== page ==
By Adam Krajc



As a builder primarily using prefabricated timber frames and trusses for the structure of our homes we’ve noticed increasingly over the past couple of years a decline in our perception of the performance of these frames and trusses. To be clear we have no concern over any potential structural failure, the performance issues we’ve identified relate to deflections of timber members under load, which despite compliance with structural design criteria, will provide for deflections that in certain circumstances and locations may be (or become) visible in other elements of the home as it is built. The deflected frame and / or truss members, although not necessarily a defect themselves can create issues that may be classified as a defect in other elements of the home as it is built.  


Frame and truss fabricators rely on their engineered design software to specify the timber members that go into their frames and trusses. In a competitive marketplace these fabricators are constantly trying to minimise their manufacturing costs to keep their pricing down, and this is often complimented with their standard design criteria allowing for maximum deflections allowable under structural performance requirements specified by the National Construction Code. This enables their use of lesser timber members which in turn helps them keep material costs down while still maintaining minimum structural performance requirements. According to most frame and truss fabricators deflections within their design criteria (where that criteria meets with specified requirements of the National Construction Code) are not a defect.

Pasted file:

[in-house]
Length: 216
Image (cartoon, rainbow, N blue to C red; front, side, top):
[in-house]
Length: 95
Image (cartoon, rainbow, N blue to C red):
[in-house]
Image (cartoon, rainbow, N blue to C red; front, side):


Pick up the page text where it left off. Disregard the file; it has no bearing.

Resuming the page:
The potential issues that may arise in a new home as a result of these frame and truss deflections include-

  • -Ceiling level variations and wavy cornice
  • -Inconsistent roof plane (wavy roof)
  • -Hips
  • -Fascia
  • -Eaves level and line irregularities
  • -Required variance in brick gauge
  • -High or low spots in structural flooring

The above potential issues that can result directly from the ‘acceptable’ deflections of frame and truss members may be to an extent that sees them classified as a defect as defined by the Office of Fair Trading Guide to Standards & Tolerances, which in turn becomes the builders responsibility to fix. This is why builders need to better inform themselves of the design criteria their pre-manufactured frames and trusses are manufactured to.


Rosewood Homes have identified this industry wide issue and have subsequently specified the design criteria for our frames and trusses to provide for tighter tolerances than the manufacturers typically work to. We do this to achieve a better quality home for our clients.   

Related Posts

View project

How to choose a custom home builder

By Gina Krajc You’ve been scrolling through the internet, toured the local home villages and read all the relevant home publications and now it’s time to make a decision. So, how do you select the perfect builder for your family’s dream home? The custom home process can take up to 2 years from committing to […]